________________ CM . . . . Volume V Number 10 . . . . January 15, 1999

cover Referendum: Take Two / Prise 2.

Stéphan Drolet (Director); Adam Symansky & Jacques Vallée (Producers).
Montreal, PQ: National Film Board of Canada, 1996.
76 min. 35 sec., VHS, $39.95.
Order number 9196 105.
Available in French under the title Référendum: Prise deux/Take 2

Subject Headings:
Referendum-Quebec (Province).
Quebec (Province)-History-Autonomy and independence movements.
Quebec (Province)-Politics and government-1994-

Grades 11 and up / Ages 16 and up.
Review by Tom Dercola.

**** /4

October 30, 1995 -the date Canada almost broke up and Quebec declared its sovereignty.

      During the tense days leading up to the referendum on sovereignty, two dozen film makers from the NFB's French and English documentary studios took their cameras into the streets and homes of Quebecers. Referendum: Take Two/Prise 2 is a passionate portrait of a deeply divided society. This is a powerful video that crackles with emotion for all Canadians - French, English or Aboriginal.

      The video mingles among anglophones, francophones and allophones. It takes us up close with leading figures of the Yes and No campaigns, and allows us to hear the passionate voices of ordinary people. A philosophical Montreal cabby empathizes with both sides. A woman struggles with her own identity as a Quebecer and a Canadian, the thought of having to choose. On a street in downtown Montreal, a Yes voter tells a young Albertan that his intentions are misplaced.

"Well, I'll invite you to home to dinner.... Maybe then you'll understand. 'But don't write that stuff. I hate it what you've written. It's nice, touching....You told the Québécois you love them. And after?"
As the campaign progresses, the Cree of northern Quebec hold their own referendum, voting overwhelmingly (96%) to remain in Canada even if Quebecers vote Yes. On referendum night, a Radio-Canada anchorman allows his emotions to show momentarily as the vote slowly swings to No.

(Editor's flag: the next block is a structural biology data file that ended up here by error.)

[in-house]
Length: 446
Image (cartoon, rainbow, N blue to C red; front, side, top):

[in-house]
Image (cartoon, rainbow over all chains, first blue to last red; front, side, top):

On election night, the video takes the viewer on a roller coaster of emotions from the headquarters of the two sides to stores, apartments, and even to the branch of a Toronto investment brokerage. OUI voters are ecstatic as early results give their side 55.4% of the vote. (Meanwhile, the Canadian dollar has dropped 100 basis points in a five minute span.) An hour later the NON side takes a slight lead. At 10:20, the CBC declares a NO victory. (The dollar rises 150 basis points).

      Filmed on street-corners, and in corner stores, newsrooms and taxis, Referendum: Take Two/Prise 2 reveals the people behind the politics in a collage of powerful moments. The arguments on both sides are strong, persuasive, reasoned, but also seemingly unchangeable. The film left this western Anglophone with a chilling sense of inevitability.

      This video is an excellent video for any high school, university, community group or individual Canadian.

Highly recommended.

Tom Dercola, who has had 30 years experience as a high school teacher, is the Humanities Department Head for St. James Collegiate in Winnipeg, Manitoba.

To comment on this title or this review, send mail to cm@umanitoba.ca.

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ISSN 1201-9364